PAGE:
“Proof wasn’t necessary, dear.”
They both laughed and then settled into a quiet conversation for the last hour. Pulling into their drive, Jonathon hit the opener and pulled into the garage. “Go on, open the house. I’ll bring in the bags,” Greg said as he opened his door.
“Okay.” Grabbing the cooler from the back seat, Jonathon unlocked the door, dropping the cooler on the counter before opening the patio doors and sliding open windows to let the sea breeze air out the house. After unpacking the cooler into the refrigerator, he put it in the closet before wandering back outside to see what, or more likely who, was keeping Greg.
Walking between the cars in the garage, he saw the open trunk and wandered to the back of the car. He found Greg slumped over the back of the car, his head and torso resting on the suitcases in the trunk. “Greg!” Jonathon shook a shoulder but got no response. Lowering him to the pavement, he realized he wasn’t breathing and began CPR.
“Mr. Pfister, is he okay?”
Jonathon glanced up for a second and saw Joshua, the seven-year-old from next door, standing wide-eyed on the lawn that separated their driveways. “Have your mom dial 9-1-1.” Tears streamed down his face as he continued chest compressions, followed by mouth-to-mouth. “You can’t die, you just can’t die,” he chanted under his breath. Other people rushed over, and Herbert, an orthopedic surgeon from across the street, took charge, relieving him, while his wife, Sheila, took over the breathing. Stumbling back, Jonathon leaned against the car, hand over his mouth, repeating for Greg not to leave him as sirens howled in the distance, becoming louder and louder.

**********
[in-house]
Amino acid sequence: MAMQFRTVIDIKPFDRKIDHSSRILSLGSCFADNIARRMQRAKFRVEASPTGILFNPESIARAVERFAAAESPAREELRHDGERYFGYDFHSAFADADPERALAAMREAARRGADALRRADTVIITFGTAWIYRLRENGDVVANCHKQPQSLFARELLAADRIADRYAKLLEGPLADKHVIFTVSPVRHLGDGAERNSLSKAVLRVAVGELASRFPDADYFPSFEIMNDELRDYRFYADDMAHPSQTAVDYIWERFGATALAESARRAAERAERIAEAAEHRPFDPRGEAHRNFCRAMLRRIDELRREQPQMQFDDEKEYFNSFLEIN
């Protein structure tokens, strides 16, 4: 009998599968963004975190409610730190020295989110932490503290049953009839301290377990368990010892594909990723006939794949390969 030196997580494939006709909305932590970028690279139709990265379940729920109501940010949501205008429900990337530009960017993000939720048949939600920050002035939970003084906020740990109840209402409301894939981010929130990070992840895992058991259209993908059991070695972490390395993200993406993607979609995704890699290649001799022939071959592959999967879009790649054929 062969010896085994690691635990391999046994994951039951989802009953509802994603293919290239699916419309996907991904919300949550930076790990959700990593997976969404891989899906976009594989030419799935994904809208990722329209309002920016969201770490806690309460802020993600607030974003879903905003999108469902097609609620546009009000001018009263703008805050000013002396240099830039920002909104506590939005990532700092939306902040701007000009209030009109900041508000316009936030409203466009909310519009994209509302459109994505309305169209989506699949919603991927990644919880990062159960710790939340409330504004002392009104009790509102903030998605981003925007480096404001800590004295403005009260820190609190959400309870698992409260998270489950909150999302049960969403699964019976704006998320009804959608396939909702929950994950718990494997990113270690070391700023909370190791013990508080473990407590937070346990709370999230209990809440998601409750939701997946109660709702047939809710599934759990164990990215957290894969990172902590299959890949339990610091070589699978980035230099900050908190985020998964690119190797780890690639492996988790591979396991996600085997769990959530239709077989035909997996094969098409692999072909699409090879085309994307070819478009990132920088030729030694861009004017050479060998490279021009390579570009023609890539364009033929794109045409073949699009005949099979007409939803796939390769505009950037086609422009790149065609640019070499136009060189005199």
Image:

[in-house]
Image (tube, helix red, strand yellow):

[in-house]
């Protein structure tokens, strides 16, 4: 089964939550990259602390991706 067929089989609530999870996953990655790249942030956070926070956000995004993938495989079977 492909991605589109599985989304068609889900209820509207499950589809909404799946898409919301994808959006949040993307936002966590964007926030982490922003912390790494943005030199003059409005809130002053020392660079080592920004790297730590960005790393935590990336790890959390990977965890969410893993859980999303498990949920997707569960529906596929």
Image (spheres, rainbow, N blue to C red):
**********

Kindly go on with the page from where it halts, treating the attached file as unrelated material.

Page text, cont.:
Paramedics arrived and Jonathon backed away farther, getting out of the way, but not so far that he couldn’t see his love. Herbert began barking orders almost before the truck stopped. Needles appeared, and Greg’s shirt was cut open. Herbert raised a huge needle, and Jonathon turned away, unable to watch. He felt almost invisible until one of the neighbor ladies stood next to him, taking his hand in her wrinkled one, talking to him softly. He couldn’t hear what she said, but her tone told him she understood.
Someone yelled, “Clear!” and he saw Greg’s body jump and flop on the ground. Herbert listened and then shook his head. Jonathon walked to Greg, pushing by the paramedics and around the equipment and supplies scattered on the ground. Dropping to his knees, he clenched his eyes closed, willing Greg to wake up and the scene to change. Opening his eyes, it looked the same. Greg was still on the ground, unmoving, and Jonathon knew his love would never move again. Lifting Greg’s hand from the concrete, Jonathon held it to his cheek, weeping softly until someone led him away.